Capital income taxation incentives during economic downturns: re-thinking theory and evidence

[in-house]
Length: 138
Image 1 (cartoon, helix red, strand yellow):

This paper studies the effectiveness of corporate tax incentives in reducing the effective tax rate (ETR) on income from capital to stimulate business investment during economic downturns. We focus on tax rate incentives (TRIs), such as corporate tax rate cuts, and tax base incentives (TBIs), such as increased capital allowances. The standard economic theory states that TRIs reduce the ETR by decreasing tax payments on corporate profits. TBIs instead reduce the ETR as they defer firms tax payments, in turn increasing the present value of dividend distribution. However, this theory does not consider that, in reality, firms face accounting constraints preventing any distribution of cash flows arising from TBIs. For this reason, the standard economic analysis overstates the benefit of any TBI relative to that of TRIs. The paper incorporates accounting constraints on dividend policy into the model for the computation of the ETR and employs the new model to recalculate ETRs in the US and in the UK during 1980-2010. The empirical results confirm that the benefit of TBIs is significantly overstated by the standard theory, and tax rate cuts are more effective in reducing the ETR. We show that this result holds regardless of the form of investment finance (retained earning, new equity and debt), the type capital asset (building and plant and machinery), the level of capital income taxation (corporate and shareholders), and the value of accounting depreciation relative to economic depreciation.
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